- Furthermore, the Committee was of opinion that a finding by a court that an architect has provided professional services that required a license when no such licence was held is liable to bring the profession into disrepute. Maintenance of the reputation of the profession requires adherence by its members to accepted standards of behaviour. The Committee had no difficulty in concluding that where the professional conduct of a member of the profession has been subject to adverse judicial comment as regards the lawfulness of that conduct, the confidence the public have in members of the profession and the reputation of the profession at large is undermined. Being a registered architect affords many advantages, but also entails duties and responsibilities which the public are entitled to expect to be followed, not least that as regards the provision of professional services, that service is being provided in a lawful manner.
- The Committee recognised that the matters found proved represent an isolated matter in respect of an otherwise unblemished professional career. However, the Committee considered that the Respondent’s conduct, although isolated, was serious in that it went to the Respondent’s probity and undermined the trust of the public in the profession in the context of the provision of professional services.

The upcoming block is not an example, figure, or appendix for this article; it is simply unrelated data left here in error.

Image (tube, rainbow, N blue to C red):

- Cumulatively, but also, if necessary, taken on their own, each and all of the proven particulars are serious shortcomings on the part of the Respondent to which the descriptor UPC is to be applied. The Respondent’s conduct fell short of the standard to be expected of an architect. The Committee thus determines that the Respondent’s conduct does amount to UPC.
- No further evidence was presented to the Committee. The Committee went on the determine whether a disciplinary order should be imposed and, if so, what that order should be.
- The Presenter submitted, under reference to the Sanctions Guidance issued by ARB, that the Respondent’s conduct had an impact and had caused some harm to the Complainants. Although they had resolved the litigation between the Respondent and themselves, they had spoken in their witness statements to the distress caused to them. The Presenter submitted that this was not a case of the Respondent having engaged in a pattern of misconduct, nor was it a case of deliberate conduct on the part of the Respondent. The Respondent had not executed a manipulative strategy towards the Complainants and the Complainants could not, he submitted, be considered vulnerable.